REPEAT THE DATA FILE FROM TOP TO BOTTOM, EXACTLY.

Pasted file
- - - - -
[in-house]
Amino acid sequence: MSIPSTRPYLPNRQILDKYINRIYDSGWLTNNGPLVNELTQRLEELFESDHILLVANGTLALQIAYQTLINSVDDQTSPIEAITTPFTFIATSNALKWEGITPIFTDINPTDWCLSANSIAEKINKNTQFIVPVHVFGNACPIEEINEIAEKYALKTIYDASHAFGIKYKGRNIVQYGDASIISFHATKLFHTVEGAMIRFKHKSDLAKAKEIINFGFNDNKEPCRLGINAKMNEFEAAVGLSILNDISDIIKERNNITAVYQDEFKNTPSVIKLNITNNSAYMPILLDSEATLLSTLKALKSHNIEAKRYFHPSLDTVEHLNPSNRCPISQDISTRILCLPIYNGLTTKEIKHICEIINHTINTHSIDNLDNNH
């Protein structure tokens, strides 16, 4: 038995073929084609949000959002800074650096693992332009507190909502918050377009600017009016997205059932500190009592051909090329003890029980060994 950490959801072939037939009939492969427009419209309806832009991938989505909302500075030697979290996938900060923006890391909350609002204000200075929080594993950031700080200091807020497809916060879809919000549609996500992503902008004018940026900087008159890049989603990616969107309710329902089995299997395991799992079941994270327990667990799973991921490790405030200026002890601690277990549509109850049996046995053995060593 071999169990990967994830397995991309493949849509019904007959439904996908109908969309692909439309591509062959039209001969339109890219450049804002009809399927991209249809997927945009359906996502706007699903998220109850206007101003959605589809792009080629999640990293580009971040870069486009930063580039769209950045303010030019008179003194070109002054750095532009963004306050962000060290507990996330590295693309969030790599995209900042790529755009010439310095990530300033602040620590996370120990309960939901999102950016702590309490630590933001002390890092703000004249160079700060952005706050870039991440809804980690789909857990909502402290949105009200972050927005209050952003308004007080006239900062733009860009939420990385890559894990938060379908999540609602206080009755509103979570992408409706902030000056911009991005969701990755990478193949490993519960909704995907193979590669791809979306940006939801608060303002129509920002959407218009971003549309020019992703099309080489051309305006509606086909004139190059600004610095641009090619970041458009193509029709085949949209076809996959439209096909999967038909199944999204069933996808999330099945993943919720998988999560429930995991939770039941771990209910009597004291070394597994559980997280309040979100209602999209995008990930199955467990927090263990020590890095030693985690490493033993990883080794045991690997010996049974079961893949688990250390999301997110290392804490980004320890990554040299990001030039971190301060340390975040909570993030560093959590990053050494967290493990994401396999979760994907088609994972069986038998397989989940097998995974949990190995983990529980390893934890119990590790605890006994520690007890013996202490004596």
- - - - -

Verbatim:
[in-house]
Amino acid sequence: MSIPSTRPYLPNRQILDKYINRIYDSGWLTNNGPLVNELTQRLEELFESDHILLVANGTLALQIAYQTLINSVDDQTSPIEAITTPFTFIATSNALKWEGITPIFTDINPTDWCLSANSIAEKINKNTQFIVPVHVFGNACPIEEINEIAEKYALKTIYDASHAFGIKYKGRNIVQYGDASIISFHATKLFHTVEGAMIRFKHKSDLAKAKEIINFGFNDNKEPCRLGINAKMNEFEAAVGLSILNDISDIIKERNNITAVYQDEFKNTPSVIKLNITNNSAYMPILLDSEATLLSTLKALKSHNIEAKRYFHPSLDTVEHLNPSNRCPISQDISTRILCLPIYNGLTTKEIKHICEIINHTINTHSIDNLDNNH
């Protein structure tokens, strides 16, 4: 038995073929084609949000959002800074650096693992332009507190909502918050377009600017009016997205059932500190009592051909090329003890029980060994 950490959801072939037939009939492969427009419209309806832009991938989505909302500075030697979290996938900060923006890391909350609002204000200075929080594993950031700080200091807020497809916060879809919000549609996500992503902008004018940026900087008159890049989603990616969107309710329902089995299997395991799992079941994270327990667990799973991921490790405030200026002890601690277990549509109850049996046995053995060593 071999169990990967994830397995991309493949849509019904007959439904996908109908969309692909439309591509062959039209001969339109890219450049804002009809399927991209249809997927945009359906996502706007699903998220109850206007101003959605589809792009080629999640990293580009971040870069486009930063580039769209950045303010030019008179003194070109002054750095532009963004306050962000060290507990996330590295693309969030790599995209900042790529755009010439310095990530300033602040620590996370120990309960939901999102950016702590309490630590933001002390890092703000004249160079700060952005706050870039991440809804980690789909857990909502402290949105009200972050927005209050952003308004007080006239900062733009860009939420990385890559894990938060379908999540609602206080009755509103979570992408409706902030000056911009991005969701990755990478193949490993519960909704995907193979590669791809979306940006939801608060303002129509920002959407218009971003549309020019992703099309080489051309305006509606086909004139190059600004610095641009090619970041458009193509029709085949949209076809996959439209096909999967038909199944999204069933996808999330099945993943919720998988999560429930995991939770039941771990209910009597004291070394597994559980997280309040979100209602999209995008990930199955467990927090263990020590890095030693985690490493033993990883080794045991690997010996049974079961893949688990250390999301997110290392804490980004320890990554040299990001030039971190301060340390975040909570993030560093959590990053050494967290493990994401396999979760994907088609994972069986038998397989989940097998995974949990190995983990529980390893934890119990590790605890006994520690007890013996202490004596």